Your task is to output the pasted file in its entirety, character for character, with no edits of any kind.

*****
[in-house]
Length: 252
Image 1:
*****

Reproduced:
[in-house]
Length: 252
Image 1: